for issue to its supervisory board. The supervisory board is made up solely of non-
executives and may include representatives of employees and other outside interests.
The supervisory board approves the financial statements on 26th February 2002. The
financial statements are made available to shareholders and others on 1st March 2002.
The shareholders approve the financial statements at their annual meeting on 15th
April 2002 and the financial statements are then filed with a regulatory body on 17th
April 2002.
The financial statements are authorized for issue on 18th February 2002 (date of management
authorization for issue to the supervisory board).
RECOGNITION AND MEASUREMENT:
Adjusting Events after the Balance Sheet Date:
An entity shall adjust the amounts recognized in its financial statements to reflect
adjusting events after the balance sheet date.
Example-4:
A customer was considered doubtful at the balance sheet date. A provision for such
customer was made @ 50%. After the balance sheet date, customer was declared as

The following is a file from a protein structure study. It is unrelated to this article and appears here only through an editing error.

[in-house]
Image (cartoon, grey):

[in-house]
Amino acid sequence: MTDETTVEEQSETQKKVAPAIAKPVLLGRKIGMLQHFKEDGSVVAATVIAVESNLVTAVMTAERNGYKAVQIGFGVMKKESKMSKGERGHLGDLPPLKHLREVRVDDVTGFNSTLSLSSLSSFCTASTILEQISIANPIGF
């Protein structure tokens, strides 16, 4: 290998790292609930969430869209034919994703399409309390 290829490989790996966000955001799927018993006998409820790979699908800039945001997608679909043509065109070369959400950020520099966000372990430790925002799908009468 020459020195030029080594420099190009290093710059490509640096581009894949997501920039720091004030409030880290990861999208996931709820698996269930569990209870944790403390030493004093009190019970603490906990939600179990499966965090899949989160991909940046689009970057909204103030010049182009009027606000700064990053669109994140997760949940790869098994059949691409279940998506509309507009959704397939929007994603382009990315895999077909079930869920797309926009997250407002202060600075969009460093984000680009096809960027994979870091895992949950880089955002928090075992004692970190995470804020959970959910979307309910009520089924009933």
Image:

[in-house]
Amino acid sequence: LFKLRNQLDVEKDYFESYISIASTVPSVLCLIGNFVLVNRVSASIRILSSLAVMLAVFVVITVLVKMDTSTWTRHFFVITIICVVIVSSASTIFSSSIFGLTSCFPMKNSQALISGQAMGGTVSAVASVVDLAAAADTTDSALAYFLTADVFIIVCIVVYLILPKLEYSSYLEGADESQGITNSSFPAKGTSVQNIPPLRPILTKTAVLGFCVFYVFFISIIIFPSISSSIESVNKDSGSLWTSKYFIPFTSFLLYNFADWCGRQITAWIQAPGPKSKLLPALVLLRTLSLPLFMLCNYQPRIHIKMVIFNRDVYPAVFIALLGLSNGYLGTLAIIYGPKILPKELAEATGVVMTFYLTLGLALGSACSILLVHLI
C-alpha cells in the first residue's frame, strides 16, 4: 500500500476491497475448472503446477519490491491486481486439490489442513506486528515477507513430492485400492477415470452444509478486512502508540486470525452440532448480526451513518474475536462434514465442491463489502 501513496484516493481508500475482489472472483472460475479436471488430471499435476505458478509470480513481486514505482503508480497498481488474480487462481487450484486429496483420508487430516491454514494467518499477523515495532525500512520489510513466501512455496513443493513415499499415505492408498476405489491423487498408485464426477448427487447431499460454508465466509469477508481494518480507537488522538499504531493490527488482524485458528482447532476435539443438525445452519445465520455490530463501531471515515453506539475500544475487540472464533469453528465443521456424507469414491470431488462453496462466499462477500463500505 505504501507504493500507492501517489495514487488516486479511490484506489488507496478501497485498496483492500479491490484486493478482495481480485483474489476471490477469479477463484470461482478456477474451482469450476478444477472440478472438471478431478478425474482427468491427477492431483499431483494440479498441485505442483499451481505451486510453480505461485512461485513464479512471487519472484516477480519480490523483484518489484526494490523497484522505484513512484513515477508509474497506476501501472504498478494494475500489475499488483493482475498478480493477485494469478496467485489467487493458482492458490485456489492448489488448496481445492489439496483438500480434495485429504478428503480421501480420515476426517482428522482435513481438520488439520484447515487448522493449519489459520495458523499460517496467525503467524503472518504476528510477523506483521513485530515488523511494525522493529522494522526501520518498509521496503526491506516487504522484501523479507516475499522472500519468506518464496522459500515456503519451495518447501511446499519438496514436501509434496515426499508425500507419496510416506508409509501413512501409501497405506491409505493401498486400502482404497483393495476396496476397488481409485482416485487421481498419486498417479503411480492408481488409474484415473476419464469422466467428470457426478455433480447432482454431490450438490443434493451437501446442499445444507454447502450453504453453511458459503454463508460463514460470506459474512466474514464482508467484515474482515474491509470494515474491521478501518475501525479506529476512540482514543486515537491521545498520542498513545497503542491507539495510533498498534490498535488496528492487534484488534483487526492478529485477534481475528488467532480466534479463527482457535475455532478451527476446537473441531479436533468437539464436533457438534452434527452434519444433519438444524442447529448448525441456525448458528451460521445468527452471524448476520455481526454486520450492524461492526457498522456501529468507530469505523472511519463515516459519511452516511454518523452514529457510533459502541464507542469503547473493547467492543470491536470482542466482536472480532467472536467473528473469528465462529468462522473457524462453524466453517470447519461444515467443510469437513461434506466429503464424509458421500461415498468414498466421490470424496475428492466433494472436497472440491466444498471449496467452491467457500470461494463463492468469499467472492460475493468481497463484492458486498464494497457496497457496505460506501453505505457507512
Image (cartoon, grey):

insolvent based on his financial position on year end.
Required: What will be the accounting treatment?
Solution:
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Advance Financial Accounting (FIN-611)
VU
This is an adjusting event after the balance sheet date and should be recognized in the
financial statements. At the balance sheet date, 100% provision shall be made against
that debtor i.e. provision is to be increased by further 50%.
Example-5:
A customer was doubtful at the balance sheet date. A provision for such customer was
made @ 5%. After the balance sheet date, customer paid 85% of the total amount.